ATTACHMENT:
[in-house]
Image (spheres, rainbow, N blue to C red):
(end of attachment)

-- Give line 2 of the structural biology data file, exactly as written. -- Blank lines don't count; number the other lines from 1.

Image (spheres, rainbow, N blue to C red):